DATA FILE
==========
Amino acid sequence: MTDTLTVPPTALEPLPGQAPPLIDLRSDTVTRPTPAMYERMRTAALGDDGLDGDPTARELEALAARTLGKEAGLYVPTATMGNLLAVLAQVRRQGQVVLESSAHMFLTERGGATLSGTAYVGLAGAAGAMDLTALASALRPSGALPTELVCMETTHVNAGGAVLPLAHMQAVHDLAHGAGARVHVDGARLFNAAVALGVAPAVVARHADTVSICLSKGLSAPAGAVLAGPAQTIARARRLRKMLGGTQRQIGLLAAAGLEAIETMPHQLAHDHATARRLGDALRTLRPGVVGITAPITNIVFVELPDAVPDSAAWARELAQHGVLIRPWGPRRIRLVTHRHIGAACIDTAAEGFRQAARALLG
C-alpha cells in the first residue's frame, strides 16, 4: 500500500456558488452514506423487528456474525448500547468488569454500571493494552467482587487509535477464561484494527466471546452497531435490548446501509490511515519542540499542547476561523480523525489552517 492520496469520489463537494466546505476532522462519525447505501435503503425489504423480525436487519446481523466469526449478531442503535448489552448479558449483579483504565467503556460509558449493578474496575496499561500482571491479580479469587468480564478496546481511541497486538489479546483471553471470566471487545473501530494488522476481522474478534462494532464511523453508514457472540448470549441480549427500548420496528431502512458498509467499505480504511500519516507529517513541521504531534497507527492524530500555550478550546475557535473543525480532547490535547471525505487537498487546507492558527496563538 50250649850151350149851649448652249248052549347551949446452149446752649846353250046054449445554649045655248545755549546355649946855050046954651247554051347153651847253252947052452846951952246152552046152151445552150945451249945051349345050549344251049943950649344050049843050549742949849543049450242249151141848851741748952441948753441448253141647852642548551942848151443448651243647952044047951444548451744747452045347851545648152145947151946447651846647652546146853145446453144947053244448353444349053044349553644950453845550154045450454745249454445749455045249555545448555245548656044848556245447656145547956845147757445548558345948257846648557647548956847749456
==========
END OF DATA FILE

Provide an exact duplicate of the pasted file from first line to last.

Amino acid sequence: MTDTLTVPPTALEPLPGQAPPLIDLRSDTVTRPTPAMYERMRTAALGDDGLDGDPTARELEALAARTLGKEAGLYVPTATMGNLLAVLAQVRRQGQVVLESSAHMFLTERGGATLSGTAYVGLAGAAGAMDLTALASALRPSGALPTELVCMETTHVNAGGAVLPLAHMQAVHDLAHGAGARVHVDGARLFNAAVALGVAPAVVARHADTVSICLSKGLSAPAGAVLAGPAQTIARARRLRKMLGGTQRQIGLLAAAGLEAIETMPHQLAHDHATARRLGDALRTLRPGVVGITAPITNIVFVELPDAVPDSAAWARELAQHGVLIRPWGPRRIRLVTHRHIGAACIDTAAEGFRQAARALLG
C-alpha cells in the first residue's frame, strides 16, 4: 500500500456558488452514506423487528456474525448500547468488569454500571493494552467482587487509535477464561484494527466471546452497531435490548446501509490511515519542540499542547476561523480523525489552517 492520496469520489463537494466546505476532522462519525447505501435503503425489504423480525436487519446481523466469526449478531442503535448489552448479558449483579483504565467503556460509558449493578474496575496499561500482571491479580479469587468480564478496546481511541497486538489479546483471553471470566471487545473501530494488522476481522474478534462494532464511523453508514457472540448470549441480549427500548420496528431502512458498509467499505480504511500519516507529517513541521504531534497507527492524530500555550478550546475557535473543525480532547490535547471525505487537498487546507492558527496563538 50250649850151350149851649448652249248052549347551949446452149446752649846353250046054449445554649045655248545755549546355649946855050046954651247554051347153651847253252947052452846951952246152552046152151445552150945451249945051349345050549344251049943950649344050049843050549742949849543049450242249151141848851741748952441948753441448253141647852642548551942848151443448651243647952044047951444548451744747452045347851545648152145947151946447651846647652546146853145446453144947053244448353444349053044349553644950453845550154045450454745249454445749455045249555545448555245548656044848556245447656145547956845147757445548558345948257846648557647548956847749456